23. 223
    Max Anacker says:

    Anthropogenic global warming leading to planetary extinction is a great story, just scary enough to get the attention of the media and the politicians. Add to the disaster forecasts “but more research must still be done to determine the extent of the problem…” and you get the climate scientists on the bandwagon, with 3 to 4 billion dollars per year in research grants.

    The only problem is that it has not been scientifically proven that man-made CO2 is the cause for today’s warming trend.

    In fact, there is a lot of evidence out there that the most recent plus earlier warming trends were not caused by man-made CO2, but by fluctuations in solar activity.

    Even the most enthusiastic proponents of the MMGW theory will have to admit that the sun is our primary source of energy, not the exhaust gas from your car. It is also well known that the sun’s activity fluctuates in cycles. It is also well known that the earth has gone through many climate cycles over the past millions of years, without any help from “industrial age man”, who has only been around for the past few hundred years.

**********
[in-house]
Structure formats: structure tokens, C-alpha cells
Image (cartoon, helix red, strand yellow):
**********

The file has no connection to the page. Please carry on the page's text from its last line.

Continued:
Computer models can be programmed to predict anything, including man-made global warming. This is not scientific proof. Adding words such as “very high confidence”, “unequivocal” or “advances in climate change modelling” to a report based on computer models is not the same as scientific proof.

    Proponents of MMGW still have to bring the proof that their theory is indeed valid. So far this proof is lacking.

  24. 224

    [[The only problem is that it has not been scientifically proven that man-made CO2 is the cause for today's warming trend.